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By Marshall Connolly, Catholic Online (NEWS CONSORTIUM)

1/21/2014 (10 months ago)

Catholic Online (www.catholic.org)

Rosetta mission is risky and complex, but so far, so good!

A deep-space probe which has been silently traveling for almost a decade, awoke from a long slumber over the weekend and has a date with a comet that scientists that have patiently waited for years. The Rosetta mission, as it is called, will help scientists unlock some of the mysteries about the origins of our solar system.

Rosetta is speeding towards a dancing rendezvous with a comet.

Rosetta is speeding towards a dancing rendezvous with a comet.

Highlights

By Marshall Connolly, Catholic Online (NEWS CONSORTIUM)

Catholic Online (www.catholic.org)

1/21/2014 (10 months ago)

Published in Technology

Keywords: Rosetta, ESA, spacecraft, probe, lander, comet, questions, mission


LOS ANGELES, CA (Catholic Online) - Over the weekend, excited scientists announced the good news. The Rosetta spacecraft had just awoken from a dangerous sleep. Gliding unpowered beyond the orbit of Jupiter, Rosetta has spent the past three years hibernating  in the frozen darkness of space. The sleep was necessary because unlike most other deep space probes, Rosetta did not have a nuclear power source, just solar panels.

Beyond Jupiter, solar panels of are minimal use because the Sun is far away and faint.

Light a candle for all those who work to answer the mysteries of the world for us.

There were worries the craft would not wake from its frozen slumber, that perhaps 957 days in the dark of deep space were too much.

This wasn't the only challenge for the intrepid spacecraft which was launched in 2004 and spent the last decade looping around the Sun, passing Venus, Earth, Mars, and eventually out past the orbit of Jupiter. The craft gained a little speed and flew farther out each time it was slingshot past one of the inner planets.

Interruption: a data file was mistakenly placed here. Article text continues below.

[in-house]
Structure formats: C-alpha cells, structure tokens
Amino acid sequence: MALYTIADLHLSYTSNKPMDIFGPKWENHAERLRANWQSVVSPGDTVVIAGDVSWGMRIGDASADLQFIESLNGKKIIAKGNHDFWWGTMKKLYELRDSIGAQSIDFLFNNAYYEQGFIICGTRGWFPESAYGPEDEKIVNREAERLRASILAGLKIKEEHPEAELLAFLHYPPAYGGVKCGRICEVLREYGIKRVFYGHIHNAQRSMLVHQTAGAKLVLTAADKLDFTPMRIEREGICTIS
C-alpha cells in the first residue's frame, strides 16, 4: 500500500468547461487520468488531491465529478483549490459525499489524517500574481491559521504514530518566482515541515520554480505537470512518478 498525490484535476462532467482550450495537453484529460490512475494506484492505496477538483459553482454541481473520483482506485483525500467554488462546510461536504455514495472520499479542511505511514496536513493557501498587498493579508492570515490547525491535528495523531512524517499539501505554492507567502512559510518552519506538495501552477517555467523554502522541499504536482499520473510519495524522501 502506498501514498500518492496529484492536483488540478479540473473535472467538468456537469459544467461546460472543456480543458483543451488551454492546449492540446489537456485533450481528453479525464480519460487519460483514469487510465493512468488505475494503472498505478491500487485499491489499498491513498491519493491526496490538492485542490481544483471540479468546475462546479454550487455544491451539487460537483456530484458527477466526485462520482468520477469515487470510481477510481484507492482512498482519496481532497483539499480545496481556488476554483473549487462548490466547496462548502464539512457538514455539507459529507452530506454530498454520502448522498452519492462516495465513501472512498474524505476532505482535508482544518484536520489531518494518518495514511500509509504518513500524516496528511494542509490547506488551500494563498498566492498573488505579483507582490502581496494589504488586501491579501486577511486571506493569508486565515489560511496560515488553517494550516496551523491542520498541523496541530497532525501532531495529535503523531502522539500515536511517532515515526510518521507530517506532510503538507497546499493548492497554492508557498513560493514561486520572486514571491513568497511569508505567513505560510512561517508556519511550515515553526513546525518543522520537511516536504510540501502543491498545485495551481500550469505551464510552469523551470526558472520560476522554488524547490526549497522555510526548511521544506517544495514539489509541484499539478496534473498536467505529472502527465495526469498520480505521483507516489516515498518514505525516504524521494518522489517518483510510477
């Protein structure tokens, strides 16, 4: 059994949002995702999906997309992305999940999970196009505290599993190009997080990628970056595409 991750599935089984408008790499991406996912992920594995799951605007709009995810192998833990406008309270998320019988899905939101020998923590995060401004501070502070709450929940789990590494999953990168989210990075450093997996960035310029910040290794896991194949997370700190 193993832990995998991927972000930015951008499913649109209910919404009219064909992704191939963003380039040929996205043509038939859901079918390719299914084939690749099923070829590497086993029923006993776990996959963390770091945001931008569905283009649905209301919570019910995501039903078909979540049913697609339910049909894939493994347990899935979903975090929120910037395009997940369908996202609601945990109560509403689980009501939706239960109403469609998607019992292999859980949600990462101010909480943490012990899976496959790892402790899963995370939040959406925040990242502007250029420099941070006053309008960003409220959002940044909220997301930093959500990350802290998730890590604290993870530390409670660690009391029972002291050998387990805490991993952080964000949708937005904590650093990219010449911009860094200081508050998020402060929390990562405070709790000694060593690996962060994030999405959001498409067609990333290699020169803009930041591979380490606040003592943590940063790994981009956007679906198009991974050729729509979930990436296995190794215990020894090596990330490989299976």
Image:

The Rosetta craft even managed to photograph a couple asteroids on its way past Jupiter, adding value to its mission.

Despite the challenge and the hazard of the mission to date, it's all just a prelude to the main event. The main event will be an August rendezvous with comet 67P/Churyumov-Gerasimenko in August. Scientists have performed fly bys of comets before, but this time the probe will actually orbit the comet, allowing sustained observations of the comet as it approaches the sun.

In November, Rosetta will attempt another feat, which will involve the landing of a probe on the comet's surface. The landing probe will make detailed observations of the comet from its surface.

These observations are of great value to scientists since they will reveal what the comet is made of, and possibly then, what materials went into the formation of our planet and life on Earth. Scientists will perform several organic chemistry experiments on the comet.

It is believed that comets are what's left over from the formation of our solar system and that once the Earth formed and cooled, comets continued to strike the planet and delivered most of the water on Earth. Without those comet impacts early in Earth's history, the water on the planet's surface would have disappeared into space and could not have collected on the hot surface of a new-formed planet.

Missions like Rosetta are important because they help us to answer fundamental questions about ourselves from a physical perspective.

The Rosetta missions is a mission of the European Space Agency.

Pope Francis calls for your 'prayer and action'...

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Pope Francis: end world hunger through 'Prayer and Action'


© 2014 - Distributed by THE NEWS CONSORTIUM

Pope Francis Prayer Intentions for December 2014
Christmas, hope for humanity:
That the birth of the Redeemer may bring peace and hope to all people of good will.
Parents: That parents may be true evangelizers, passing on to their children the precious gift of faith.



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